What It’s Like When Everyone in Sri Lanka Thinks You’re Patient Zero

“They accused me of sleeping around and said that was how I got infected.”

GAMPAHA, Sri Lanka—When 39-year-old P Ratnayake, a supervisor at the Minuwangoda facility of Brandix Sri Lanka (Pvt.) Ltd tested positive for Covid-19 in October, two months had elapsed since coronavirus cases had been reported from the community.

With this case, the Covid-19 crisis in Sri Lanka, which the government continuously boasted to have controlled, had reached a critical stage. Ratnayake’s would be the first case to be detected in a cluster—but not the origin of the cluster, according to health officials.  By Nov. 8, it had become a cluster with over 10,000 patients

When Ratnayake tested positive, she was maligned and vilified by the public. Many, including her employees, she claimed, had accused her of causing the outbreak. 

“I was treated as if I had a social disease. I felt like I had tested positive for HIV/AIDs and not Covid-19,” she told VICE World News. Despite ongoing investigations to trace down the origin of the outbreak, Ratnayake became the de facto “Patient Zero” of the outbreak.

When Ratnayake spoke to VICE World News, she had been at the National Infectious Diseases Hospital—the country’s primary care centre for patients who test positive for Covid-19—for over ten days. 

A mother of four, she has over nine years of experience as a supervisor at Brandix, the apparel manufacturer at the centre of the ‘Minuwangoda cluster’ controversy in Sri Lanka. Since October, more than 1,000 of the factory’s 1,400 employees have tested positive for Covid-19.

After the cluster emerged, the Gampaha district, where the factory is located, has been under curfew, much like many other parts of the island.

On Sep. 28, Ratnayake said she fell ill at the factory. Several other employees also felt ill, she said. “Some of them, including myself, were taken to the ‘sick room’ because they couldn’t work. Two of them fainted and I helped carry them. The sick room gave some painkillers and other medicines, saying it was gastritis.”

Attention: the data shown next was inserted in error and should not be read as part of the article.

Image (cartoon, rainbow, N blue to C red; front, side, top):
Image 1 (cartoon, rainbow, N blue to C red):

Two days later, when Ratnayake’s condition worsened, she was hospitalised with severe chest pain. 

“My chest was hurting so much I was having trouble breathing. My mom died from a heart attack. So when my chest started hurting, the first thing I remembered was my mother. I was sure I was getting a heart attack like her,” she said.

But the tests reported nothing conclusive. The doctors felt she may have pneumonia, however, and as part of the process, had tested her for Covid-19.

“When they discharged me, they told me the test was negative,” Ratnayake said.

Two days later, on Oct. 3, Ratnayake and her husband received a number of phone calls: The hospital, public health inspectors, and even the State Intelligence Services called to tell her that as per PCR test, she was Covid-19 positive.

“That was when all of this started,” she said, detailing the ordeal she was plunged into thereafter.

“Police officers came to my home and treated me like a criminal,” she said. “They accused me of sleeping around and said that was how I got infected. There were people flocking around my home the whole day that day.” 

She believes that the two police officers who came to her home that day were intoxicated. “They were disrespectful and scolded my husband and my children. They accused us as if we were hiding from them.”

The harassment continued. She had received calls from several individuals from the factory management, insinuating her of spreading the virus at the factory.